Manipulation of past performance figures to suit one's argument is common enough among service providers but Virgin's Andrew Stronach is clutching at straws when he claims that “since September last year only one fund in the UK all companies sector is currently in the black” (Money Marketing, April 12).
No one investing in the all companies sector last September would have done so with a view to obtaining a capitalised return over a period as short as six months.
Indeed, in the famous bet which Richard Branson made with Nicola Horlick – and lost – Virgin's excuse was that the three-year period involved was too short a time period for a tracker to show that it could outperform a good actively managed fund.
Mr Stronach claims that “only an active fund manager is able to take a 19 per cent market fall and turn that into a 46 per cent fall in the fund”. What he fails to say is that only an active manager can take a 19 per cent fall and turn it into a profit – something a tracker can never do.
Past performance cannot guarantee the future but there is sufficient evidence within the all companies sector to indicate that finding the outperforming fund manager is a lot easier than finding a tracker which will ever outperform the index.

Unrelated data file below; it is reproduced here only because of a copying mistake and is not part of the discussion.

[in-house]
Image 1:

Trackers are investments for those who want to underperform the index in a bull market and want to guarantee losing money in a bear market. Far from forming “the basis for any sensible investor's portfolio”, as Stronach suggests, they should be avoided so as not to seriously damage one's wealth.
Indeed, anyone investing in Virgin's own UK index-tracking fund would have seen the value of their investment fall over the last three months by 11.1 per cent (bid-to-bid, Standard& Poor's, April 4, 2001) – from a fund which currently lies 254th out of 298 in the all companies sector.
At this rate, a 46 per cent annual loss is well within Virgin's grasp.
Thomas Financial Planning,St Helens,